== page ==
Howdy, Stranger!

It looks like you're new here. If you want to get involved, click one of these buttons!

VW Golf vs Honda Civic



  • fish8fish8 Posts: 2,282 long as reliability is at least on par with the Japanese models....
  • 600kgolfgt600kgolfgt Posts: 690
    Agreed.... :shades:
  • i dont believe that the Honda is more reliable than the VW. I have the new GTI and a good pal of mine has the TYPE-R. Although the honda is very slightly quicker the golf is much better to drive and i think the quality is second to none though it is a little drab inside.
  • I'm choosing between the Golf and some other compact car for a 3 year lease. While reliability seems to be a topic of discussion for the VWs, is this something I need to worry about for 45,000 miles? Any reason I should go with the 06 instead of the 05 if I can still find one? Also, what are these velour seats like? I also keep reading that the car is noisy, but I didn't notice on my test drive with the 06... Is the 05 noisy?

    I tried the civic and the corolla and the even the camry and the accord. What's up with these lower roof lines and high seats? I'm 6 foot - it seems VW is the only small car manufacturer that recognizes people over 5'7''... The Golf was a perfect fit. I actually felt small in the car! I don't drive a manual, but was willing to go with one when I was considering the Mazda 3 (poor lease options, so I'm still shopping). How is the manual on the Golf?

    How many MPGs is everyone getting on their manual or automatic?

    Any advice/comments would be welcome!

  • gee35coupegee35coupe Posts: 3,475
    I own a Civic and an Accord. I'm actually 6'6'.

    I will say that if fuel economy is an issue, the SI only gets around 30 mpg. Not typical Civic mileage.
  • Which engine does your prospective Golf have? I'm assuming the 2.0 Liter, not the TDI, yes? I have a '96 Golf GL automatic w/ 2.0 liter. I get about 26 MPG/City and 30 MPG/Highway. Not bad for a 10 year old car. I do not drive it hard. Seats are still supportive
    and comfortable and handling is very good.

    Be sure to visit the VW area here for more info:
  • I've had my golf mk3 for 2 years now and I swear by it. No matter the distance i've had to drive, for whatever reason, with how much weight im carrying, in all sorts of God-forsaken conditions, it's always always always delivered. If I had to bet on one thing happening tomorrow; either the sunrise or my car starting, I wouldn't bet on the big glowing thing in the sky.
    I've heard civics are reliable and I do not disagree, but the other week I was doing a friend a favor by taking her civic to the car wash and while sitting in the queue, in neutral, the engine cut out!!! :surprise: THATS RIGHT! A honda VTEC engine simply just failed! No lie or exaggeration. There goes their record.
    Please don't get me wrong, I like Hondas and other Japanese cars. When I was buying, it was a coin-flip between a Civic and a Golf. Many advised I go VW and I did. No regrets.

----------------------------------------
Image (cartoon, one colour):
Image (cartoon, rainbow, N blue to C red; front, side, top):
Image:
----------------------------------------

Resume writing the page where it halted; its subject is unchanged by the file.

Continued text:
Some may say Golfs are expensive but you do pay for quality.
    The civic seats feel nice and it is a high rever, but personally I prefer my oomph lower down on the rev scale. The golf has a much higher quality feel to the interior. It was designed by a designer, not the accountant.
    Currently planning on getting a Mk2 big bumper GTi :D
    Proud to say im a VW lover now, may get a civic to see whats it's like, but my heart will from now on belong to the Germans.
    My advice to to anyone who has this hard choice - it doesn't matter. Your getting a reliable car either way. But the Golf will last longer and get you more respect.
  • gee35coupegee35coupe Posts: 3,475
    In a VW???? Only from other VW owners. Not much panache in the VW name. For a while there they were thinking of pulling out of the U.S. market. They are pulling the waste of R&D money Phaeton.

    Heck, with 2 or three posts in the last few months, doesn't seem like there's much comparing the Civic vs. the Golf. Do they even still sell the Golf? LOL.
  • Anytime I take a little break from these boards and then take a look at new contributions, I am taken back by the amount of demagogy and hyperbole. :(

    At any rate, VW and Audi are doing quite well these days, even in the US. I would be worried about GM, and Ford must get their act together. I am not worried about the VW group, which includes Audi, Skoda, Seat, Lamborghini, Bentley, and Bugatti --- and thus is highly diversified, and is the biggest car maker in Europe. VW's US sales are up 28% compared to the same month last year, Audi sales are up 20%.

    So, if there is no discussion in here for a while - is that because there is no comparison between the Golf and the Civic, or between the Civic and the Golf? ;)

    Finally, the new base engine for the Golf is the 2.5 5-cylinder - same as that in the new Jetta. It will be out in the summer. I'll take the 2.0TFSI of the GTI instead (a lot more power with better fuel consumption). 5-door available in about July. It will finally replace my 13+ year old, very reliable, very low-cost Golf that does not have any rust and never leaves me stranded. (In case you ask, why, then? I and my loved ones appreciate the idea of having airbags, although I have already been hit by a Mack truck-equivalent in the back, without consequences...).